Re: 3.0 wishlist Was: Overview of 2.2.x goals?

Larry McVoy (
Fri, 23 Jan 1998 10:23:20 -0800

: Using message passing on SMP machines with _real_ shared memory is not
: very clever.

Want to bet? Using the /unmodified/ message passing libraries is stupid.
But what good vendors do is to provide the same interfaces, in a DLL, that
are optimized for SMP. So you do things like:

msg_send(from, to, ...)
if (SMP(from, to)) {
bcopy(get_addr(from), get_addr(to), length);
} else {
real_msg_send(from, to, ....);

Then it goes like blazes on an SMP while maintaining compatibility with
clusters. In fact, you can mix and match a cluster of SMPs just fine.

: This might be the trend, but programming message passing systems is not
: very easy. The main reason for their prevalence is better performace, which
: is the result of transfering the needed data (and only the needed data) at
: the right time to the right place.

The main reason for their prevalence is

. works everywhere
. same programming model no mater what your environment
. heterogeneous system
. ease of use

: >DIPC is cute but is likely to be ignored by the big apps.
: I don't know if this will be true, but DIPC could result in a new breed of
: software.

Sure it could but you were talking about is big apps. I have a fair bit of
experience with those apps and I can tell you that the war is way past over.
MPI won. For good reason.

: Some of its advantages are:
: *) Distributed shared memory is much easier to use.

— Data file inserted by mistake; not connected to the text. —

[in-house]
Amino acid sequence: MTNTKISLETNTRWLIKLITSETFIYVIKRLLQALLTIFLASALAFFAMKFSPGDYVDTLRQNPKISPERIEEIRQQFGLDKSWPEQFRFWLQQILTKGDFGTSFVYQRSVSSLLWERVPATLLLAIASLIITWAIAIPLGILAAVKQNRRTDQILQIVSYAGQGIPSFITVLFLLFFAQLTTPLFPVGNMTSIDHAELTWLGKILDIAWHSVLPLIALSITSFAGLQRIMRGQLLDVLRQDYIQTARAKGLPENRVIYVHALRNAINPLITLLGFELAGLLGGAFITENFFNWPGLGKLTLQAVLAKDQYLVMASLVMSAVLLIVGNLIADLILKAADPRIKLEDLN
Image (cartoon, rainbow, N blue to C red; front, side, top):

True for trivial apps. False for real apps. Shared memory (distributed
or otherwise) is a difficult programming model for people to grasp.
Quick - how many people realize that coherent shared memory isn't -
all the state you care about is in the registers of the CPU. So when do
those get flushed? Is your model store ordered, partially store order?
Etc., etc. Try and learn from the various SMP kernel experiences - it's
really hard and takes quite talented people to get it right. Do you really
want to design a programming model that most people can't use? Seems quite
elitist to me.

: *) Programs using DIPC can be run in a single computer, even on Linux
: kernels without DIPC support! There is no need to modify and compile
: the sources to achieve this.

Ditto for MPI.

: *) DIPC programs can automatically use SMP hardware and real shared memory.
: Again, no need for the modification and recompilation of the sources.

Ditto for MPI, it's been this way for years.

: *) DIPC can work in heterogeneous environments (currently x86 and M68k).
: This is not very common among distributed shared memory systems.

So if I put an int in shared memory on a PC and read it on a SPARC it gets
byte swapped? I don't think so. You have to have an RPC like XDR layer to
do this and the kernel sure as hell is not going to do this for you. MPI
has this, of course.

: *) You don't have to learn some new programming interfaces.

Yes you do - you have to learn shared memory. Which is much, much harder for
people to grasp then you might think.

: *) Older programs using System V IPC can still be used.
: DIPC is a very safe system to use by the programmers. They don't have to
: learn a lot of new things, and their programming investment does not depend
: on DIPC's success or availability. This is a very big plus.

Look, don't get me wrong - I think DIPC is cute. But you shouldn't
expect the big apps people to get at all interested. It only works on
Linux, is not supported by SGI/SUN/HP/DEC/etc, and as such is completely
uninteresting to anyone who's /job/ it is to do the sort of programming
that you are discussing. People running those big apps are running on
supported machines. Linux isn't commercially supported.

That's not to say that this isn't a fun project. But it does throw into
question the real need for this stuff to be in the mainstream kernel. If
it isn't going to be used very much then it just becomes more lines of
code that can cause the kernel to have bugs. We don't want that, do we?